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Published 11 April 2012 14:41, Updated 12 April 2012 11:25
Welcome back, reader, from the Easter long weekend, hopefully rejuvenated and ready to dive back into boosting your business. Enjoy it while you can because the weekend looks to be under attack.
The retailing and hospitality industries have been arguing for some time that penalty rates at the weekend – the extra money they have to pay employees to work Saturday and Sunday – make weekend commerce too costly. Now the banks have added their voice to the debate with an application to Fair Work Australia for the weekend to be considered part of the ordinary week for award purposes.
The weekend originated through religious custom. Jewish laws decreed that Jews observe the Sabbath from Friday evening to Saturday evening, while Christian customs dictate observance on the Sunday. Combine these two and for Western cultures, the two-day weekend is the norm. In these more secular times, the weekend is protected by trading restrictions and indirectly by penalty rates. Any discussion of liberalising these is always in the context of being an attack on the weekend.
There are two things to think about. One is the need for more workforce flexibility and the other is the weekend break. Although they seem linked, they don’t have to be. There are plenty of people that want to work at the weekend for reasons of finance or flexibility – the mother, for example, who wants to work evening and weekends because then her partner can look after the children. Why impede this? People need the flexibility to live their lives in a way that most suits them. There is also no doubt that businesses require flexibility, particularly as some parts of the economy are contracting while others are expanding.
However, that does not have to lead to the end of the weekend, simply because weekend commerce is unlikely to be the panacea the retail and hospitality industries are hoping for. If the object is to reduce costs, that’s unlikely to happen as ending penalty rates automatically creates pressure for higher annualised wages. It also reduces the demand from employees to want to work weekends. If traditional retail, for example, wants to decrease wages at a time when it needs to invest in services, it is shooting itself in the foot. Its argument that it needs to longer opening hours to compete with online retail is equally nonsensical.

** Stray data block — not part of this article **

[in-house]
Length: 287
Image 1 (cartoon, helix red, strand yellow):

Frankly the only thing that will enable traditional retailers to meet online competition head-on is to have a better online offering so customers can shop on Sunday afternoons from the comfort of their armchairs. Opening malls for longer will not help.
In any case, while the quest for more flexibility is desirable, it should not mean the end of the weekend. Having a more productive economy to increase the standard of living is a valuable goal but it is not the only goal worth pursuing. There is a value in social goals and making it easy for people to meet communally by having days where fewer people work has a value in itself. Society would be poorer without the weekend. Who is not more relaxed on Sunday morning reading the paper knowing that most of country is relaxing, too? And who would want to lose that magical Friday night feeling when we spill out of offices en masse to celebrate, as a community, that together we are not at work.